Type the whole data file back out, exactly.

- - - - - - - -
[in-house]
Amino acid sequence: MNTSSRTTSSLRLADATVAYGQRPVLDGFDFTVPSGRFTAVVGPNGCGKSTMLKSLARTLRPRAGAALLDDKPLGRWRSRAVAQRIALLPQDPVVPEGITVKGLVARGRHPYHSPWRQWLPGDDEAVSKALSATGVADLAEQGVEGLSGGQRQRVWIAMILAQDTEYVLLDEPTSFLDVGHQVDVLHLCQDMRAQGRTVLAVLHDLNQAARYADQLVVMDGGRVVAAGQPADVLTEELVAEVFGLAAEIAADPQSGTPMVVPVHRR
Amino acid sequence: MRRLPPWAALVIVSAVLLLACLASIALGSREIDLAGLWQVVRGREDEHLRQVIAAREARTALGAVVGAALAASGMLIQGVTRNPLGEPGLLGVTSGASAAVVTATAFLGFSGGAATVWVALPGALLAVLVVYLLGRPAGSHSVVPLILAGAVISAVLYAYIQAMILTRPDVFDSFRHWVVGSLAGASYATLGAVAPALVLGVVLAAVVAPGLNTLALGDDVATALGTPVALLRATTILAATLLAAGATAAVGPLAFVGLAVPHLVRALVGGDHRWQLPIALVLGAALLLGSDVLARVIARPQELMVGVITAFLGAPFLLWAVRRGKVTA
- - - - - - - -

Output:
[in-house]
Amino acid sequence: MNTSSRTTSSLRLADATVAYGQRPVLDGFDFTVPSGRFTAVVGPNGCGKSTMLKSLARTLRPRAGAALLDDKPLGRWRSRAVAQRIALLPQDPVVPEGITVKGLVARGRHPYHSPWRQWLPGDDEAVSKALSATGVADLAEQGVEGLSGGQRQRVWIAMILAQDTEYVLLDEPTSFLDVGHQVDVLHLCQDMRAQGRTVLAVLHDLNQAARYADQLVVMDGGRVVAAGQPADVLTEELVAEVFGLAAEIAADPQSGTPMVVPVHRR
Amino acid sequence: MRRLPPWAALVIVSAVLLLACLASIALGSREIDLAGLWQVVRGREDEHLRQVIAAREARTALGAVVGAALAASGMLIQGVTRNPLGEPGLLGVTSGASAAVVTATAFLGFSGGAATVWVALPGALLAVLVVYLLGRPAGSHSVVPLILAGAVISAVLYAYIQAMILTRPDVFDSFRHWVVGSLAGASYATLGAVAPALVLGVVLAAVVAPGLNTLALGDDVATALGTPVALLRATTILAATLLAAGATAAVGPLAFVGLAVPHLVRALVGGDHRWQLPIALVLGAALLLGSDVLARVIARPQELMVGVITAFLGAPFLLWAVRRGKVTA